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- Essays in Labor Economics
- VanderBerg, Bryce Scott
- Electronic Theses & Dissertations
This dissertation consists of two empirical studies and one applied theoretical study in labor economics. In the first chapter, I study the extend to which an observed layoff is used by employers to infer a worker's unobserved ability early in their labor market career. In the second chapter, I develop a theoretical model of wage dynamics that extends the employer learning and statistical discrimination model of Altonji and Pierret (2001) to allow for discrete changes in observable...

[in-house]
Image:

Show moreThis dissertation consists of two empirical studies and one applied theoretical study in labor economics. In the first chapter, I study the extend to which an observed layoff is used by employers to infer a worker's unobserved ability early in their labor market career. In the second chapter, I develop a theoretical model of wage dynamics that extends the employer learning and statistical discrimination model of Altonji and Pierret (2001) to allow for discrete changes in observable characteristics. In the third chapter, which is joint work with Gabrielle Pepin at the W.E. Upjohn Institute, we study the contribution of occupational sorting and mismatch to child penalties in the United States. I: The Signaling Role of Early Career Job LossI examine the extent to which ability signaling explains long-term wage losses suffered by young workers who experience layoffs. Young workers are of particular interest because employers have limited information about their ability, so signaling theoretically plays a larger role in determining wages. In addition, young workers are unlikely to experience wage losses due to loss of industry-specific human capital or separation from high-quality job matches, which may explain long-term wage decreases among older workers. Using data from the National Longitudinal Survey of Youth 1997, I show that young workers of all ability levels initially experience similar wage losses following layoffs, but high-relative ability workers fully recover within five years while low-relative ability workers experience persistent wage losses. Consistent with traditional learning models, relative, not actual, ability affects wage trajectories. I illustrate a conceptual model of layoff signaling that varies by pre-layoff experience and can explain divergent wage trajectories across high- and low-relative ability workers. I test the model empirically and find that low-relative ability workers' inability to overcome negative layoff signals explains a substantial proportion of long-term wage losses among young workers. Employer learning effects vary by race and gender.II: Employer Learning and Statistical Discrimination with Unexpected InformationThe Employer Learning and Statistical Discrimination (EL-SD) model of Altonji and Pierret (2001) assumes that employers learn about a worker's unobserved ability in a smooth, continuous manner, holding observable characteristics constant. In practice, observable characteristics, such as years of education, often change discretely over time for many workers. I extend the EL-SD model to allow for changes in observable characteristics to influence an employer's belief about a worker's ability. I show that changes in observable characteristics that are correlated with ability lead to discrete changes in employers' beliefs about the worker's ability, interrupting the smooth, continuous employer learning processes described in the EL-SD model. I further show that this discrete change in employer learning is larger for workers early in their labor market career, with the effect diminishing as labor market experience increases. I then use data from the NLSY97 to empirically test these predictions in the context of the signaling role of returning to school. I find suggestive evidence that returning to school to receive a GED or graduate degree sends a positive ability signal to the labor market, while returning to school to receive an associate or bachelor's degree does not.III: Occupational Sorting, Multidimensional Skill Mismatch, and the Child Penalty among Working MothersWe study the extent to which occupational sorting explains child penalties---gender gaps in labor market outcomes due to children---among working parents. Using an event-study approach and data from the National Longitudinal Surveys of Youth (NLSY) 1979 and 1997, we estimate that children generate long-run earnings gaps of over \$200 per week among working parents. In the NLSY79, we find that children lead mothers to sort into lower-paying occupations in which employees tend to work fewer hours. We estimate that children increase multidimensional occupation-skill mismatch among working mothers by 0.3 standard deviations, relative both to their own levels of mismatch from before birth and to those of fathers. In the NLSY97, results suggest that improvements in labor market outcomes among fathers in response to children, rather than a worsening of labor market outcomes among mothers, seem to drive child penalties.